The Punch Bowl, Before the Half

(Part 1 of 2.  To read part 2 click this link: “The Punch Bowl, After the Half“)

It’s all about the “Fed”—the Federal Reserve Bank.  The stock market today is all about the Fed.  Want to know why the stock market is up?  Watch The Fed.  Want to know why stocks were down?   Watch the Fed.  Want to know why the stock market has skyrocketed non-stop since April 2009?  The Fed.  Want to know which way the stock market is going tomorrow?  Watch the Fed.

The latest monthly unemployment numbers come out.  The stock market moves, up or down.  Is the market moving because of the unemployment news?  No.  The market is acting in anticipation of how the Fed will react to the unemployment numbers.  The latest inflation numbers come out.  The market moves.  Is the market reacting to the latest inflation report?  No.  The market moves anticipating how the Fed will react to the inflation numbers.  Regular reporting of the GDP, the trade deficit numbers, manufacturing, inventories, consumer confidence numbers, etc. no longer move the overall stock market as measures of the health of the economy;  what’s moving the market are big stock traders guessing how the Fed is going to react to these economic reports.  Today, the Fed holds all the cards.

Wall Street doesn’t give a damn about the unemployment rate.  They only care about how the Fed will react to changes in the unemployment rate.  Wall Street traders make enormous amounts of money—and keep their jobs—if they correctly guess when and in which direction the Fed will change interest rates.  Nothing wrong with making a buck legally.  I love profits as much as the next guy.  I’m just trying to be clear about causes and effects.

Since April 2009 every move in the stock market has been attributed to the Fed.  Wall Street is one big party funded by the Fed.  All of Wall Street is watching, worried to death the Fed will take away the punch bowl.  I’ll get to the “punch bowl” in part 2, “The Punch Bowl, After the Half.”

All the big banks—probably your bank—are still in business because of the Fed.  Your pension, 401k, and IRA (if you haven’t been forced to cash it out to keep your house and buy food yet) are up because of the Fed.  Your Social Security checks are still arriving because of the Fed.  Any government entitlement checks or coverage you may be receiving are because of the Fed.  Students are still receiving student loans because of the Fed.  General Motors is still producing cars because of the Fed.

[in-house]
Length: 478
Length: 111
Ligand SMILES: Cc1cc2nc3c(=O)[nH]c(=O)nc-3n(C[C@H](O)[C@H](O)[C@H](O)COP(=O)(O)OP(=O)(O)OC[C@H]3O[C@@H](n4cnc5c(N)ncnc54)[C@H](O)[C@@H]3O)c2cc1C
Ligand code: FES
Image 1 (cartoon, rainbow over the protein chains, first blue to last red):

The Federal Reserve is not a government department, agency, or office.  The Federal Reserve is a private company.  Look at a dollar bill in your wallet.  See “Federal Reserve Bank” written all over it?   The U.S. Department of Engraving runs the actual printing presses, but the Fed orders when to turn the presses on and off.  Where do freshly printed dollars go?  To the Fed, of course.  When?  Whenever the Federal Reserve wants to!  I know, it’s astonishing. 

The Federal Reserve Bank, or simply the “Fed” was created by an unconstitutional act of Congress in 1913.   The Fed is a collection of fat cat bankers who cajoled and threatened Congress into letting them control banking across the country, set interest rates, and control America’s currency.  The Federal Reserve is the most powerful private company in the world, and is arguably more powerful than the office of U.S. President.

I don’t want to get lost in the weeds here.  I’m no expert on the Fed.  Like I wrote recently, I only needed to learn enough to know why the market and economy crashed, how it would affect my family, and why no one was going to jail.

So, why is the Fed responsible for the skyrocketing stock market, rising 401k statements, keeping bank doors open and Social Security checks coming?  Because the Fed prints dollars, then they buy stuff with it or loan it out.  Not to us the consumer, but to banks and governments.